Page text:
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Publication numberUS7665667 B2
Publication typeGrant
Application numberUS 11/241,340
Publication dateFeb 23, 2010
Filing dateSep 30, 2005
Priority dateOct 9, 2004
Fee statusLapsed
Also published asUS20060076420, WO2006038106A1
Publication number11241340, 241340, US 7665667 B2, US 7665667B2, US-B2-7665667, US7665667 B2, US7665667B2
InventorsSylvain Prevost, Kapil Sachdeva
Original AssigneeGemalto Inc.
Export CitationBiBTeX, EndNote, RefMan
External Links: USPTO, USPTO Assignment, Espacenet
System and method for updating access control mechanisms
US 7665667 B2
Abstract
Updating the access control of a smart card at multiple points of the smart card life cycle. The system and method for updating the access control mechanisms during the smart card life cycle includes implementing an interface having a method for providing access control and a method for registering an access manager as an active access manager. In response to a request to register an access manager, the system and method executes the method for determining whether registering the access manager may be allowed.
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Claims(11)
1. A method of updating an access control of a smart card at multiple points of the smart card life cycle, comprising:
a computer readable storage medium containing instructions in the form of an access manager implementing an interface having a method for providing access control and a method for registering a new access manager the access control manager having instructions to cause a central processor of the smart card to:
in response to a request to replace a current access manager with a new access manager, executing the method for registering a new access manager, thereby replacing the current access manager with the new access manager.
2. The method of claim 1, wherein the step of executing the method for registering a new access manager comprises:
determining whether an entity seeking to replace the access manager has been authorized to replace the access manager.
3. The method of claim 1, wherein the step of replacing the current access manager of a smart card is executed at a point in the smart card life cycle selected from a set including manufacture of the smart card, initialization of the smart card, personalization of the smart card, issuance of the smart card, loading of additional applications onto the smart card, updating an application on the smart card.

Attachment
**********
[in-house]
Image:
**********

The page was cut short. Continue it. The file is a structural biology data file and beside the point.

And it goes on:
4. The method of claim 1 wherein the interface specifies arguments for the method to register a new access manager to allow the method to identify whether the new access manager is an access manager that may replace the current access manager.
5. A multi-application smart card in which an access control for the smart card may be updated at any of several points of a life cycle of the smart card, comprising:
a memory having instructions for causing a central processor to perform certain tasks, the instructions including:
at least one application program loaded onto the smart card;
an access manager for providing access control to the smart card wherein an access control logic implements an access manager interface having a method for access control and a method for registering a new access control manager.
6. The multi-application smart card of claim 5, wherein the access control logic performs an access control protocol specified for a particular point in the smart card life cycle.
7. The multi-application smart card of claim 5, wherein the method for registering a new access control manager operates to determine whether an entity seeking to replace the access control for the smart card has been authorized to replace the access control for the smart card.
8. A method of updating an access control of a smart card at multiple points of the smart card life cycle, comprising:
a computer readable storage medium containing instructions in the form of an access control manager
implementing an interface having a method for providing access control and a method for registering an access manager as an active access manager the access control manager having instructions to cause a central processor of the smart card to:
in response to a request to register an access manager, executing the method for determining whether registering the access manager may be allowed.
9. The method of claim 8, wherein the step of executing the method for registering an access manager comprises:
determining whether an entity seeking to replace the access manager has been authorized to register the access manager.
10. The method of claim 8, wherein the step of registering an access manager of a smart card is executed at a point in the smart card life cycle selected from a set including manufacture of the smart card, initialization of the smart card, personalization of the smart card, issuance of the smart card, loading of additional applications onto the smart card, updating an application on the smart card.
11. The method of claim 8 wherein the interface specifies arguments that may allow the method for registering an access manager to determine whether the access manager is an access manager that may be registered as an active access manager.
Description
CROSS-REFERENCE TO RELATED APPLICATIONS

This patent application is a non-provisional patent application claiming priority from provisional patent application Ser. No. 60/617,512, filed on Oct. 9, 2004, entitled “System and Method for Updating Access Control Mechanisms,” the teachings of which are incorporated by reference herein as if reproduced in full below.

BACKGROUND OF THE INVENTION

1.0 Field of the Invention

The present invention relates generally to access control mechanisms for controlling the access to smart cards and more particularly to the secure update of the access control mechanisms for smart cards during the smart card life cycle.

2.0 Description of the Related Art